T-Mobile’s unparalleled CEO John Legere is known as one of the most brash, foul-mouthed, and outspoken leaders of a major corporation today. He’s also one of the most successful, doubling the number of customers and increasing the company’s stock price well over 200% in just the last four years.
Recently, Legere shared the leadership advice he likes to dole out.
"It’s kind of fun at my age to go back and talk to business-school people," Legere said. "I tell them, ‘I can summarize everything you need to know to lead a major corporation. Are you prepared to write this down?’ And then they get all ready. I tell them I can summarize how I succeed as a leader: Listen to your employees, listen to your customers, shut the f*** up, and do what they tell you."
His blunt, simple advice has merit. "Listening is an overlooked leadership tool," wrote Melissa Daimler, SVP, Talent Acquisition & Development at WeWork, in Harvard Business Review. And there’s a big reason why: because management generally doesn’t have the time to do it.
This is where technology is coming to the rescue. Most years I attend HR Tech, the main tradeshow exhibiting the latest in human capital technologies. Each year, there seems to be a hot term or phrase on the lips of every attendee and vendor. This year, there were two phrases that stood out to me being used – and in many cases misused – by many of the vendors I, and my team, talked with:
- Natural Language Processing (NLP)
- Machine Learning (ML)
While these terms weren’t always used correctly by vendors who were desperate to showcase why their product is unique, I think both are going to play significant roles in HR for years to come.
In case you aren’t familiar with NLP, very simply it is a way for computers to understand and derive meaning from human language. NLP is used to analyze text, allowing machines to understand what human beings are saying and writing. This is especially important for sentiment analysis, which companies are clearly interested in for both employees and customers.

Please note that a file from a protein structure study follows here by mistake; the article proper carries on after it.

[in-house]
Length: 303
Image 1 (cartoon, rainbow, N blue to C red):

Machine learning provides computer applications with the ability to "learn" without being explicitly programmed. As a result, these applications can change when exposed to new data, allowing them to improve over time as more data is entered.
Combined, they have the ability to revolutionize what I think is one of the biggest dinosaurs in human capital: the employee engagement survey.
Recently, I’ve been involved with a new platform using a combination of NLP and ML to provide better insights into employee engagement data that we’ve collected from several companies. The results have been fascinating.
The typical engagement survey has a 1-5 or 1-10 Likert scale for 95% of the questions asked, and often an area for open text at the end. The magic is in that final 5%. While one employee’s definition of a "4" is likely different than another’s, what’s written in free form text is often much more valuable. In every single instance where we’ve entered the text collected in an engagement survey, we’ve been able to generate new, and more interesting, insights than the quantitative analysis was able to provide.
The reality is that most companies don’t take the time to read or summarize the free form text because it’s impossibly time consuming. The most some companies will do is create a word cloud, which simply identifies the most used words. However, that doesn’t help understand the context in which those words are used. Thus, the whole concept of sentiment analysis is lost.
This is where NLP and ML, when combined, are going to provide a significant impact to engagement surveys, and many other types of surveys, worldwide. This impact will be so profound that I can easily envision a day when we don’t even bother with Likert scales.
Most importantly, it will allow busy executives and managers to do what they should have been doing all along: shutting the f*** up and listening.
Read more 2017 talent predictions by other thought leaders.